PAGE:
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John 1:23

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John 1:23, ‘I am the voice of one crying out in the wilderness, “Make straight the way of the Lord,” as the prophet Isaiah said.’

John the Baptist’s citation of Isaiah 40 is significant since, in the context of Isaiah, the one whose way is prepared is YHWH Himself. John implies, then, that he is preparing the way for the eschatological appearing of God. This makes it all the more stunning when, in just a few verses, the Baptist introduces this figure as ‘the Lamb of God, who takes away the sin of the world’ (1:29).

So, who is the Lord—who is the YHWH—for whom John is preparing the way? It is Jesus, who—critically—is introduced as ‘the Lamb of God.’ YHWH’s eschatological coming in salvation and judgment—the coming by which His glory will be made visible and His salvation will be seen (Is. 40:5)—*is* the coming of the Lamb of God who takes away the sin of the world.

But then we need to say something more, because the Baptist’s introduction of Jesus (Behold, the Lamb of God…) echoes another section of Isaiah 40, namely, v.9. There we find the content of the good news that is heralded by God’s people, and it is this: Behold your God.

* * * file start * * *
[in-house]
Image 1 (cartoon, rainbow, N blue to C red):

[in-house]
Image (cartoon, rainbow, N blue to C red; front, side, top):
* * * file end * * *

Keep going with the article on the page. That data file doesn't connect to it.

The climactic message proclaimed in Isaiah 40 (the passage with which the Baptist associates himself in John 1:23) is: ‘Behold your GOD!’ and the climactic message that John proclaims is: ‘Behold, the Lamb!’ I would suggest that the Evangelist intends us to read these two ‘Beholds’ as one and the same. Isaiah’s eschatological summons to behold the God of Israel IS the Baptist’s summons to behold Jesus as the Lamb of God who takes away the sin of the world. And Is this not precisely what we find at the climax of the gospel, where Thomas—beholding the Lamb of God who stands in risen life before Him, yet as one who continually bears the marks of slaughter—beholds His Lord (YHWH) and His God (Jn 20:28)?

Yes, to Behold the Lamb aright—which is to say, to see the crucified Jesus, proclaimed in the risen Jesus, as the Lord who loves us and gives Himself for our sins—this is truly to Behold our God.